State agency OPAP is granted monopoly for internet betting in Greece until 2030 from the European Commission.
For exclusive betting rights in Greece, OPAP is to pay what is described as an “adequate fee” of up to 5 percent on gross revenues from its 35,000 video lottery terminals.
A few days ago, the Remote Gambling Association filed three outstanding complaints to the European Commission about the OPAP Greek internet casino monopoly.
RGA stated: “Under pressure from the European Commission, the Greek government has announced plans to rectify the preferential tax treatment that OPAP’s online gaming business would have enjoyed, but there are other major issues that have still to be resolved, not least the fact that the intention is still to let OPAP have a monopoly in the online sports betting market.”
The European Union granted the government agency OPAP its regulatory approval stating that the monopoly complies with EU state aid rules and Greek gambling laws.
Banking expert Analyst Paris Mantzavras described the decision saying: “Internet betting licenses being awarded to third parties before 2020, along with the added concern with regard to pending legal challenges at the European Union’s highest court from Stanleybet International, William Hill and Sportingbet Plc.”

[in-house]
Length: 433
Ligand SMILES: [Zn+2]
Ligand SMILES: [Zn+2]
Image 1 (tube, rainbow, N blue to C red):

EU Competition Commissioner Joaquin Almunia released a statement saying: “Greece has cooperated fully with the Commission to ensure that OPAP will not benefit from any undue financial advantage through the prolongation of its exclusive rights and its license for video lottery terminals. This allows for a timely privatization of the gambling operator.”
This is surely not the last step is the OPAP saga. The Greek government decided to privatize its 33 percent share in the state-run company after the country faced series of economic troubles. There were also rumors of ending OPAP monopolies in different gambling fields, but now it seems the state wants to protect its business. A long legal battle is to be fought in European courts.